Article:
The Fighting Varietals of 2019

Classic Paso Robles Zinfandels. | Courtesy

Any veteran wine-lover will remember the term fighting varietal. It describes the category a bump or two above the basement and has typically been populated by wines that are affordable and over-deliver. In 2019, fighting varietals will run about $20 and I believe the bang-for-the-buck ratio has never been better.

This has twin causes: one is that several years of stellar harvests worldwide have provided both high yield and consistent quality and two is the proliferation of university-based wine programs; some darn talented winemakers are now in play. With more networking opportunities and technical information available than ever before, they have the connections to get quality fruit and the chops to turn them into darn good juice.

Instead of recommending a bunch of specific wines I am going to give you some can’t-miss regions and the wine types they do best.

Fighting Italians. | Lou Phillips


Let’s start locally with California’s signature grape Zinfandel. Whether you prefer unctuous jammy wine bombs or dry, spicy balanced quaffs, $20 goes a long way quality wise. As a general strategy for the former, look to Lodi and Paso Robles; they not only have the climate for quite ripe grapes, the philosophies of most wineries there skew big. Sonoma and Mendocino on the other hand are more likely to deliver brambly structured versions.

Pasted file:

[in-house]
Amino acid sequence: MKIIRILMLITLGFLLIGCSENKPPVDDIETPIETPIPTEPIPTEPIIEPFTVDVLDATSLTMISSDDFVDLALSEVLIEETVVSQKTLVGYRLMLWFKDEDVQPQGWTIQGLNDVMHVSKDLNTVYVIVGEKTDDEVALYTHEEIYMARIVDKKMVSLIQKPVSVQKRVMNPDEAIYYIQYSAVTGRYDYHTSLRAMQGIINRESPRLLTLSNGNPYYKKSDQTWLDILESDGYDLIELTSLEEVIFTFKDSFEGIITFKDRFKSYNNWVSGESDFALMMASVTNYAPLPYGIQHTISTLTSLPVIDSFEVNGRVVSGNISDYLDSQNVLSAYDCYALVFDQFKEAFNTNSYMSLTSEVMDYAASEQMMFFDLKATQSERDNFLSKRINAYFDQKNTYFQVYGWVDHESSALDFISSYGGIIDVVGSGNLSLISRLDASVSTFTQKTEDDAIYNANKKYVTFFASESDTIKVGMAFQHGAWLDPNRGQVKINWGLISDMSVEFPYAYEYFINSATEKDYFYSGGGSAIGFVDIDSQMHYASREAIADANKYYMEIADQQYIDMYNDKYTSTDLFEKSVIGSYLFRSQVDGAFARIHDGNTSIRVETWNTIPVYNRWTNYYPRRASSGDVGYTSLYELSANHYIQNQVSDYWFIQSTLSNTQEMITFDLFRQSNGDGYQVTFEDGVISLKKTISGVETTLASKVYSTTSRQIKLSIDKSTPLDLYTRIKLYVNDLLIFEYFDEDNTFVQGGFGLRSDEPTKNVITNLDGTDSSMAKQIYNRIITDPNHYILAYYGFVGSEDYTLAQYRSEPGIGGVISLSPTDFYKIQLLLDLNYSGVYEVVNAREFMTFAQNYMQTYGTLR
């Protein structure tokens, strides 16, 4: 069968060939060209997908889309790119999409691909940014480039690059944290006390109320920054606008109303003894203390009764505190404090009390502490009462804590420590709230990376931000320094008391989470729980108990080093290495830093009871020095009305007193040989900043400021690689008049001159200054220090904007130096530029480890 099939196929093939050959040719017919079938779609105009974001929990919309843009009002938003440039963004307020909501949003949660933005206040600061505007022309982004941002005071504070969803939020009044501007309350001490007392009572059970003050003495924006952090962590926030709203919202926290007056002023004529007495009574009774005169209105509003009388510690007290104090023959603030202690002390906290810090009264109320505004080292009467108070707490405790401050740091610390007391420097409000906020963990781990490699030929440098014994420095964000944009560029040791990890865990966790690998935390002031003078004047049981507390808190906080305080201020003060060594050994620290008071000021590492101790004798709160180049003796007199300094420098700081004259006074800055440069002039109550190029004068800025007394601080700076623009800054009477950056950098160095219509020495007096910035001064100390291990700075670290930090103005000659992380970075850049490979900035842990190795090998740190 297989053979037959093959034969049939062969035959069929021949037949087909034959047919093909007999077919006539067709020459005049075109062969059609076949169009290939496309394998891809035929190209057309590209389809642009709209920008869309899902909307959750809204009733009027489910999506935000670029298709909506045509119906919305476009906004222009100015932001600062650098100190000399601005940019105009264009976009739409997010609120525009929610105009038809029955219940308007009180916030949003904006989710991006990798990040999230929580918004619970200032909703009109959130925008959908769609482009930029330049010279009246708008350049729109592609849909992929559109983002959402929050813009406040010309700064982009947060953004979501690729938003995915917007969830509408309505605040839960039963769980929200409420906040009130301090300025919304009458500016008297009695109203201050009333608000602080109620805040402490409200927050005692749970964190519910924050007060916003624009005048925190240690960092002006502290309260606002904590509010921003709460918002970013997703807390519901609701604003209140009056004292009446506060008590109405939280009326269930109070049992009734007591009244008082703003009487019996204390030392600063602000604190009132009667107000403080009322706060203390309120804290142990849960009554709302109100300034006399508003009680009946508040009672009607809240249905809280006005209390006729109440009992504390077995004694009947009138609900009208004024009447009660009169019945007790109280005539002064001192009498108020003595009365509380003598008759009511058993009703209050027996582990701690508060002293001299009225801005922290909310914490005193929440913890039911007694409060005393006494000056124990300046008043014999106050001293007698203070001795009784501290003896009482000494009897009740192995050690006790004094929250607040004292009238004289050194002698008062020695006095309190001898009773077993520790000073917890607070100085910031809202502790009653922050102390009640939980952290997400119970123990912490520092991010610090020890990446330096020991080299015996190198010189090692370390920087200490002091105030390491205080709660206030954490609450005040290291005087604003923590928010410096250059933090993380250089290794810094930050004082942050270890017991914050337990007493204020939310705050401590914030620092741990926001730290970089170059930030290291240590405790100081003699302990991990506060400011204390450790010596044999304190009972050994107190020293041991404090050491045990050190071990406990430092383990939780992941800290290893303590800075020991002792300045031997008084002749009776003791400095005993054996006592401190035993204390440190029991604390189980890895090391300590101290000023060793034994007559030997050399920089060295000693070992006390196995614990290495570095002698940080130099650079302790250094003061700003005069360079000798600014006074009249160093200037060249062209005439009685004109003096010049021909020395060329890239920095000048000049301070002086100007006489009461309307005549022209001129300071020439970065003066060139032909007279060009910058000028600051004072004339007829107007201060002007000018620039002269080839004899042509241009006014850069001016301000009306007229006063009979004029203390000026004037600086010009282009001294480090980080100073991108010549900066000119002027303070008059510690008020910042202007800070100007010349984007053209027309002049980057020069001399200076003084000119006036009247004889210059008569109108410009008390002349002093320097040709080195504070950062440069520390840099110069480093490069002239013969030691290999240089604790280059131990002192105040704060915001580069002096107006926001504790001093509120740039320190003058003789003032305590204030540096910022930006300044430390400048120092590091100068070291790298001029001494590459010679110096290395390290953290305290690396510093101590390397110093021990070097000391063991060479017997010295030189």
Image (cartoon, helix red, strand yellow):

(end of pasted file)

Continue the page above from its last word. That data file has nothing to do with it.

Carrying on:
Another leader in the $20 club is Pinot Noirs from Oregon. Notice I didn’t say just Willamette Valley. That’s because although those folks rock $20 Pinots, there are really wonderful versions from the Beaver State’s other wine regions. So, do not be afraid of Pinots with just Oregon on the label.


Next, we are off to Italy — Enotria and Tuscany specifically. Not long ago, laying down a double sawbuck for a Tuscan Red Wine was a crap shoot. Inconsistent climate, over-cropping of grapes and industrial winemaking were the bad-news bears that made for thin, weedy Sangiovese-based wines. I would still recommend getting direction from a trusted wine-monger for specific wines, but your chances of getting wine goodness flying solo are better than ever.


North to France is next where $20 Côtes du Rhône, of both the red and white persuasions, are achieving new heights. The climate and terroir have never really been limits here, but rather the motivation to grow quality fruit and use better wine-making techniques — both of which cost more. As winemakers realized they could sell Côtes du Rhônes for $20, they turned a huge corner in quality. Reds are generally Grenache based with healthy doses of Syrah and Mourvedré among other varietals. White Côtes du Rhônes are also field blends with many featuring Grenache Blanc, Clairette, Marsanne, Rousanne and Viognier.

The takeaway here is that it’s the best of times to sometimes bump up your budget and now you have the 4-1-1 you need to succeed.